• Obesity risk 2 – Children who eat dinner regularly with their family have a lower risk of obesity. This is likely related to better nutrition choices and parent modeling of healthy behaviors.
  • Disordered Eating 9,10 – Regular family meals (5 or more/week) are associated with lower prevalence of extreme weight control behaviors in adolescent girls. Family meals appear to be protective against the development of disordered eating, and may help to prevent later onset of eating disorders in college and young adulthood. Additionally, family mealtime provides an opportunity for parents to recognize any early signs of disordered eating and take steps to help their child.
  • Greater priority for meal structure and social meals later in life 1 – Individuals who report regular family meals as teens make structured meal time and socialization a priority in young adulthood.

So even if you don’t consider yourself a “chef,” even your attempt goes a long way toward better health outcomes for your family!


(1) Larson NI, Neumark-Sztainer D, Hannan PJ, Story M (2007). Family Meals during Adolescence Are Associated with Higher Diet Quality and Healthful Meal Patterns during Young Adulthood. J Am Diet Assoc, 107: 9, 1502–1510.

(2) Gillman MW, Rifas-Shiman SL, Frazier L, Rockett HR, Camargo CA, Field AE, Berkey CS, Colditz GA. Family dinner and diet quality among older children and adolescents. Arch Fam Med. 2000;9:235-240.

(3) Neumark-Sztainer D, Hannan PJ, Story M, Croll J, Perry C (2003). Family meal patterns: associations with sociodemographic characteristics and improved dietary intake among adolescents. J Am Diet Assoc. 103(3): 317-22.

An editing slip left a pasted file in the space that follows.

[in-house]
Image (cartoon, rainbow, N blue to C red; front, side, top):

(4) Fulkerson JA, Story M, Mellin A, Leffert N, Neumark-Sztainer D, French SA (2006). Family dinner meal frequency and adolescent development: Relationships with developmental assets and high-risk behaviors. J Adolesc Health. 39:337-345.

(5) Eisenberg, M. E., Olson, R. E., Neumark-Sztainer, D., Story, M., & Bearinger, L. H. (2004). Correlations between family meals and psy- chosocial well-being among adolescents. Archives of Pediatrics & Ad- olescent Medicine, 158, 792–796.

(6) Franko DL, Thompson D, Affenito SG, Barton BA, Striegel-Moore RH (2008). What mediates the relationship between family meals and adolescent health issues. Health Psychol. 27(2 Suppl): S109-17.

(7) Traveras EM, Rifas-Shmin SL, Berkey CS, Rocket HR, Field AE, Frazier AL, Coldits GA, Gillman MW (2005). Family dinner and adolescent overweight. Ones Res, 13:900-906.

(8) Eisenberg ME, Neumark-Sztainer D, Fulkerson JA, Story M (2008). Family Meals and Substance Use: Is There a Long-Term Protective Association? J Adoles Health. 43(2): 151-156.

(9) Neumark-Sztainer D, Eisenberg ME, Fulkerson JA, Story M, Larson N (2008). Family Meals and Disordered Eating in Adolescents Longitudinal Findings From Project EAT FREE. Arch Pediatr Adolesc Med. 162(1):17-22.

(10) Hammons A, Fiese BH (2011). Is Frequency of Shared Family Meals Related to the Nutritional Health of Children and Adolescents? Pediatrics. 127(6).